Las Vegas Summer League: Timberwolves 81, D-League Select 83

Steve McPherson —  July 13, 2013 — 16 Comments

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Here’s what an NBA Summer League game can give you a clear picture of: nothing. Put together a couple of Wolves rookies (Shabazz Muhammad, Gorgui Dieng), a guy who played overseas last year (Robbie Hummel), the brother of a hot-shooting Golden State Warrior (Mychel Thompson—who didn’t even see the floor), an assistant coach’s son (Luke Sikma) and a squadron of guys looking for enough burn to catch someone’s eye and you have a complete lack of what makes a team be about something. An NBA team is a conglomeration of approaches, toolsets, hopes and dreams, all angled (hopefully with some precision) towards the goal of becoming something greater than the sum of their parts. A Summer League team is the mismatched toolbox you found in the basement when you moved into the first house you bought. It might get the job done, but that’s about it.

So in a game that ping-ponged back and forth with the Wolves jumping out to an early lead with a 22-11 first quarter, then wilting in a 21-11 second quarter before everyone settled in for what ended up being a reasonably tight and entertaining game down the stretch, what did we see?

Shabazz Muhammad
Shabazz (will we ever be able to refer to him as Muhammad or is he doomed to a single named existence?) was reasonably solid. The good news is that he didn’t appear to be greedy, nor to be pressing, not to give up or not care at the end of the game. He finished with 7 points on 3-7 shooting; not highly efficient but also not just throwing them up. He tallied just one assist, but that was one more than many seemed to expect out of him, and it was on a beautiful bang-bang play that looked buttery smooth, the ball swinging from the arc to Shabazz on the baseline to Lorenzo Brown under the hoop for the lay-in. After hitting his first 3 from the corner he cooled off and only made 1-3 from downtown. His shooting stroke, though, looked good and smooth.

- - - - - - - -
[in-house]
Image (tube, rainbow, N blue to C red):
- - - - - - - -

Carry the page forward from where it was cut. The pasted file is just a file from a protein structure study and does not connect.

Gorgui Dieng
Dieng didn’t make much of an impression aside from a pair of strong blocks and a nice two-handed dunk that seemed to take forever to happen. I doubt Dieng gets that much time to wind up and throw it down in the NBA, but he’s not out there for his offense. He didn’t clean the glass but looked to work hard physically for position, and it seemed like that positioning helped the Wolves outrebound the D-League Select team 36-26. Imagining him in a reserve role, I think he will fit in well to the backcourt as a rim protector and big body.

Robbie Hummel
Hummel impressed, particularly on a few screen plays that had him catching and shooting around the high elbow. He ended up with 12 points on 5-9 shooting and 6 rebounds from the small forward position, which is good, particularly on the boards. Those won’t be as easy to come by in the NBA, but still: there’s a chance that Hummel will be a nice end-of-the-bench player for an NBA team, although it’s not likely it’s going to be the Wolves.

Luke Sikma
He looks like a young Nick Nolte.

NolteSikma

Chris Johnson
Johnson finished the game with a double-double (11 pts and 10 rebs), befitting a player who made the jump from the D-League to the NBA last season and scored a guaranteed contract (although exactly how that all went down with Kahn signing him to a guaranteed deal is a little strange). The word on Johnson has been that he’s put on 15 lbs of muscle and is up to 230 now. He looked it. His legs might still be toothpicks, but his upper body looks filled out, and it should only help him hold position against bigger players. He also did this in warmups:

So that’s still cool.

Othyus Jeffers
This guy is relentless in getting to the rim, going 4-5 and ending with 8 points. It’s a great trait in a guard and he never seemed to shy away from bowling his way into the paint. Still, as Zach pointed out, he doesn’t really have a position, floating at 6’5” somewhere between a big SG and an undersized (but not particularly fast) SF. Regardless, I really liked his work rate.

And I guess that’s about it. Stefhon Hannah absolutely detonated for the D-League Select team, scoring 23 points on just 11 shots. That was pretty much all she wrote. Check back in with AWAW during the rest of Summer League for further updates from Zach Harper, who will be here for the next 11 days and hopefully not die.

Steve McPherson

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16 responses to Las Vegas Summer League: Timberwolves 81, D-League Select 83

  1. How did Brown look at point guard?

  2. Steve McPherson July 14, 2013 at 1:21 pm